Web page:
Personalized T-cell immunotherapy reduced the risk of liver cancer recurrence and may lead to tumor regression, according to research presented at the 2018 EASL International Liver Congress (EASL 2018) last month in Paris.
In one study, people who received immunotherapy produced from their own T cells after surgery or local therapies were less likely to experience hepatocellular carcinoma (HCC) recurrence and had significantly longer overall survival over five years of follow-up.
In the other study, T cells engineered to recognize hepatitis B virus (HBV) DNA fragments in HCC tumors led to shrinkage of liver cancer that had spread to the lungs in one treated individual.
Over years or decades, chronic hepatitis B or C, heavy alcohol use and other causes of liver damage can lead to cirrhosis and HCC, a type of primary liver cancer. Often diagnosed late, HCC is a leading cause of cancer-related death worldwide. Antiviral therapy for hepatitis B reduces but does not eliminate the risk of developing liver cancer, and people with hepatitis C who have progressed to cirrhosis remain at risk for HCC even after eliminating the virus.
Unlike traditional chemotherapy, which kills rapidly dividing cells throughout the body in addition to cancer cells, immunotherapy helps the immune system recognize and attack cancer. Adoptive T-cell therapy involves removing a sample of T cells from a patient’s blood, modifying them in a laboratory and returning them to the same individual.
Jeong-Hoon Lee, MD, of Seoul National University College of Medicine in South Korea and colleagues conducted a Phase III trial of the safety and efficacy of adjuvant immunotherapy in people with HCC who had undergone surgery or a local procedure (radiofrequency ablation or percutaneous ethanol injection) to remove or destroy liver tumors.
The study, which started in 2008, included 230 participants enrolled at university hospitals in Korea. Most were men and the mean age was approximately 56. More than 80 percent had hepatitis B and about 10 percent had hepatitis C; two thirds had liver cirrhosis. About 85 percent had Stage I HCC and the rest had Stage II. Most had fewer than three tumors, with a median size of about 2 centimeters.
Participants in this open-label study were randomly assigned to receive immunotherapy or no adjuvant therapy (treatment to prevent recurrence after surgery or local therapies). The immunotherapy consisted of activated cytokine-induced killer cells created by incubating T cells collected from patients with interleukin-2 and an antibody against CD3. Previous studies showed that cytokine-induced killer cells—which have the functional capacity of both T cells and natural killer cells—are active against various types of tumors but have little detrimental effect on normal cells.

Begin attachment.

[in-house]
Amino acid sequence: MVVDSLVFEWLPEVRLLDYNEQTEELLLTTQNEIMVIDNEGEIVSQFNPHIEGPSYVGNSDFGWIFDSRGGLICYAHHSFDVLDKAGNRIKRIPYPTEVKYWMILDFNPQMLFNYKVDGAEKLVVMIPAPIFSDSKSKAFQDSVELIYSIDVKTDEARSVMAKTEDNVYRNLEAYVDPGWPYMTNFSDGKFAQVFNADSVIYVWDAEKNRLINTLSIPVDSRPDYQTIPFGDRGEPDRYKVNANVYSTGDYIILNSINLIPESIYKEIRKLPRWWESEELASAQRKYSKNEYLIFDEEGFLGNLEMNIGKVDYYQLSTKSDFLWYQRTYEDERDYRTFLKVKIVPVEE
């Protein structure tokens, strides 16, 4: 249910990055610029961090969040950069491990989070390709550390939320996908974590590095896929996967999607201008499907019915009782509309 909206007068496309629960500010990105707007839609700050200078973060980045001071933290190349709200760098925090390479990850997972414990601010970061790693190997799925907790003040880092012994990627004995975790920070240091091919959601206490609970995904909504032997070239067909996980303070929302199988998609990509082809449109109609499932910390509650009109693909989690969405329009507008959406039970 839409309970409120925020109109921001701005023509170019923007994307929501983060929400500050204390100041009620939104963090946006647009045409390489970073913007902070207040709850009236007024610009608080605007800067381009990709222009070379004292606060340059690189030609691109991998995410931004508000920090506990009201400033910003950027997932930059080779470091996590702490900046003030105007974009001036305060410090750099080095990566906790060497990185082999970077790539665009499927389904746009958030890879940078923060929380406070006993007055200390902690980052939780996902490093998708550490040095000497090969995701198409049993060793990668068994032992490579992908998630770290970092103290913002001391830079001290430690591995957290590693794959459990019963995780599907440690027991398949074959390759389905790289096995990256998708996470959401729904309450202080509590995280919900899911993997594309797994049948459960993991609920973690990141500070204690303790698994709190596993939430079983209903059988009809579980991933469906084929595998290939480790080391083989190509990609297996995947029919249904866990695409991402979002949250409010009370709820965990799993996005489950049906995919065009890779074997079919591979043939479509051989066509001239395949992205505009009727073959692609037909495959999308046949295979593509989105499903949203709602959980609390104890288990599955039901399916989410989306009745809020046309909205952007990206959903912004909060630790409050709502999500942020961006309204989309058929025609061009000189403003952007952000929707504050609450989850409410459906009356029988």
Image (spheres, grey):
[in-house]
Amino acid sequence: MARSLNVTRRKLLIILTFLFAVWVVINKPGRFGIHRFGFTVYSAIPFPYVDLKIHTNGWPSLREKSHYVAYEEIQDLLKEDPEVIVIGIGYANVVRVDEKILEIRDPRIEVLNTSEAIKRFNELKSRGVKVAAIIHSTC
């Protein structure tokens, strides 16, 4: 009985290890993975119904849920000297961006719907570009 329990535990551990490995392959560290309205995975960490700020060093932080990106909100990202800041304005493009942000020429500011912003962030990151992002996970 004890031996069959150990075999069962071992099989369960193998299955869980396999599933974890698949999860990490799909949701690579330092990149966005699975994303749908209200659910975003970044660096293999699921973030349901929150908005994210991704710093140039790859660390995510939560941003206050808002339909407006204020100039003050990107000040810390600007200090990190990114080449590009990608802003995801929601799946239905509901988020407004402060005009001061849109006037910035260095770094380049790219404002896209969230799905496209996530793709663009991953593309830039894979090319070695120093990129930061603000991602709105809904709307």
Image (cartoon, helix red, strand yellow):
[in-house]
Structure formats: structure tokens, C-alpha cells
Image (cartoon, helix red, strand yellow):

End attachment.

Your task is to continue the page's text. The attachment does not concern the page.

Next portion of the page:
Participants in the immunotherapy group received IV infusions of activated cells 16 times over 60 weeks. As previously reported, people who received the adjuvant immunotherapy had a median recurrence-free survival time of 44 months, compared with 30 months for those in the control group. This difference was significant, meaning it was unlikely to be attributable to chance alone. People in the immunotherapy group also had a significantly lower likelihood of all-cause and cancer-related death.
At this year’s meeting, Lee reported findings from an extended follow-up study assessing whether the effectiveness of cytokine-induced killer cells would be sustained after completion of treatment.
A total of 162 participants (89 in the immunotherapy group and 73 in the control group) underwent extended follow-up, which ended 60 months after the last participant was randomized; the median follow-up duration was about 69 months.
During follow-up, people who received the immunotherapy saw a 33 percent reduction in the risk of HCC recurrence or death. The five-year recurrence-free survival rate was 45 percent in the immunotherapy group, compared with 33 percent in the control group. Overall mortality was reduced by two thirds.
Lee suggested that the immunotherapy might promote the development of long-lasting memory T cells and natural killer cells that can carry out antitumor activity for years after the last immune cell infusion.
Personalized T-Cell Therapy
Anthony Tan, MD, of Duke-NUS Medical School in Singapore presented findings from a study of personalized T-cell therapy for liver cancer in people with hepatitis B.
HBV can integrate its genetic material into the human genome, and fragments of HBV DNA may be found in HCC tumors, Tan explained. In this study, immune cells were engineered to express HBV-specific T-cell receptors to enable them to recognize and attack HCC.
In laboratory studies, the researchers showed that T cells could recognize short HBV DNA fragments in tumors that are hepatitis B surface antigen (HBsAg) negative. They then analyzed the integrated HBV DNA profile of a liver tumor from a 56-year-old man whose HCC had metastasized, or spread, to both lungs after a liver transplant. They detected a short sequence of the HBV envelope gene and used a technique known as mRNA electroporation to insert a receptor specific for this sequence into the patient’s T cells.
The man received multiple infusions of engineered T cells over a six-month period. Scans performed before and after treatment showed a reduction in the size of five out of six HCC tumors in the lungs, and no new tumors developed in the lungs or in the transplanted liver, Tan reported. No treatment-related adverse events were observed, including liver damage or elevation of inflammatory cytokines.
“Further development of this new immunotherapeutic strategy may offer new hope of a cure for HCC,” Tan said in a press release.
Click here to read the EASL press release about Tan’s study.